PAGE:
Texas winter weather raises the price of oil


The southern United States were hit by an extreme cold weather system last week.   The unusually low temperatures led to a shortage of roughly 2 million barrels a day of light American oil West Texas Intermediate (WTI) being produced in Texas. According to mining experts, recovery of shale oil production in the southern United States will take at least two weeks, but according to analysts and financial strategists, the road to restoring normal oil prices in the global commodity market will be even longer.

In response to these events, on 23 February 2021 at 6:38 am CET, WTI traded on the New York Mercantile Exchange (NYMEX) commodity market at US$ 62.73 per barrel, with a daily increase of +1.67% to date. According to the technical analysis, this current price represents an increase of +29.07% since the beginning of this year, and in an annual comparison the price of WTI oil has increased by +20.17% over the last 52 weeks. According to analysts at Goldman Sachs, it can be expected that the price of WTI crude oil may rise during this year, particularly towards the end of the year when it is expected to hit close to US$ 72 per barrel.

The price of North Sea Brent crude oil, which is the European equivalent of WTI oil, has also increased. On 23 February at 7:33 am CET, Brent oil traded on the Intercontinental Exchange Europe (ICE) commodity market at US$ 66.35 per barrel, with a daily gain of +1.70%. According to technical analysis, since the beginning of 2021 the current price of Brent oil has increased by +28.22% compared to the price at the end of last year 2020. These oil prices on the global commodity market were achieved in a situation when the exchange value of the US dollar (USD) as the main commodity currency on the foreign exchange market also strengthened.

In recent days the state of Texas and its surroundings has been hit by severe winter weather, which have stopped virtually all oil and gas production. In some places in Texas outdoor temperatures dropped to minus 20 degrees Celsius last week, which is a markedly abnormal situation for the area compared to the previous few decades. It is not only people but also mining equipment, including the energy network infrastructure that is not adapted to such weather conditions. As a result, the mining sector in this segment is still facing difficulties, mainly due to frozen pipelines and power outages. Although the energy companies have restored part of the supply, problems persist in some places.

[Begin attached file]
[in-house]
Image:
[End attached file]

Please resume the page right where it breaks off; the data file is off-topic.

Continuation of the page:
The miners are trying to resume mining quickly, but due to icy roads, trucks carrying the necessary equipment often cannot reach the cracked pipeline. The outage accounts for nearly 40 percent of production in the entire United States. The difficulties affected about five million barrels a day, which were mined in the Permian Basin. If the situation around Texas returns to normal slowly, the world’s commodity markets will probably continue to feel it. This could also mean a further rise in prices, which have already risen to a maximum in the last year. This is what Goldman Sachs analysts point out while predicting a possible increase in the third quarter of 2021 in WTI oil prices close to US$ 72 a barrel, and Brent oil prices reaching US$ 75 per barrel.